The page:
The world is facing the growing challenges of climate change, unsustainable urbanisation and mass displacement; causing massive strain on the environmental and human systems in mostly developing nations.
These challenges worsen issues such as:
Health & Spatial Inequalities
One billion people live in slums & informal settlements, dealing with crowded & insecure housing and being at a higher risk of exposure to environmental pollution.
Expanding cities and emergency shelter for refugees can degrade their local environments, such as through deforestation, soil erosion and encroachment into biological hotspots.
821 million people are estimated to be undernourished globally, whilst rapid urbanisation, climate change and declining soil health is likely to increase food insecurity.
Increased Crisis Risk
The vulnerability of displaced and low-income communities can be exacerbated by living in inadequate shelter, climate change 'hotspots' and areas at high risk to disasters such as flooding, droughts, landslides and fires.
Often those most adversely affected by these issues are the world’s most vulnerable, particularly those living in informal settlements, emergency shelter or low-income housing.
They are often the people least equipped or empowered to overcome these issues and efforts to improve their situation coming mostly from the humanitarian & development sectors or self-organised efforts.
...focuses on the sustainable design, planning and management of both urban and rural areas, from the micro to the macro scale.
Landscape architects are trained to understand the interplay between people and natural systems and provide innovative sustainable proposals that link the short and the long-term and consider the big picture.
They provide a holistic understanding of planning, ecology, the built environment, and how these affect the needs of affected communities.
North Rosemary Avenue Pilot Project
© Gyorgy Papp Photography
Most beneficiaries of landscape projects are those who live in high-income countries & communities and the least vulnerable to the impacts of the global challenges.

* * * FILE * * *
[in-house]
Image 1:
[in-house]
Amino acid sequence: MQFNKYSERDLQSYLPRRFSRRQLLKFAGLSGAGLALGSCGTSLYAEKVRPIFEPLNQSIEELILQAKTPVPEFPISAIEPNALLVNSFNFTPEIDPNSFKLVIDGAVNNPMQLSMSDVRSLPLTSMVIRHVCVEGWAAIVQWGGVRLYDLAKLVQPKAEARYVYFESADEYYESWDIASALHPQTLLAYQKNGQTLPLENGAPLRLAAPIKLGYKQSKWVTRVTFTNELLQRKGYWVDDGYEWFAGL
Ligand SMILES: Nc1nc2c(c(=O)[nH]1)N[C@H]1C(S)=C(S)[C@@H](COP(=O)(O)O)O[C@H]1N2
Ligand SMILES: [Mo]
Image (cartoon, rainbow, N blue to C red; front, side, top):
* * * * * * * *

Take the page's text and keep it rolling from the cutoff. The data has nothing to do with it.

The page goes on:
We believe our skillset can help to overcome these impacts but have a professional and moral duty to work with the world’s most vulnerable communities who are most affected by them.
However, very few landscape architects currently work within the humanitarian & development sectors and there is no strategic effort to focus our work in this area, such as seen in other built environment professions like architecture and engineering.
Mobilise landscape architects to be more active in building resilience in the world’s most vulnerable communities across the globe.
...what value and appropriate role landscape architects have in such contexts by asking questions of ourselves and those living & working there.
We are conducting a research effort into the question of "what support do vulnerable communities need to build resilience to natural disasters?"
We are investigating this through a series of workshops based around the Four Elements (Earth, Air, Fire & Water), building up a toolkit of our capabilities and strategy for enacting them.
...with the humanitarian & development sectors and affected communities to understand the work already being done in such contexts.
We advocate for landscape architecture and its potential to build resilience amongst fellow landscape architects, the humanitarian & development sectors, and vulnerable communities. This is through giving presentations, coordinating multidisciplinary presentations & workshops and writing for industry journals.
See our Resource Library for a collation of case studies, research and toolkits related to humanitarian landscape architecture.
...our skills & potential role to the humanitarian & development sectors, the affected communities and our own profession.
We connect practitioners, NGOs & academics who are united around HLC’s mission using this website and arranging workshops, allowing them to discuss their own experiences, capabilities & needs.
If you’re interested in our work or want to be a part of the network then get in touch!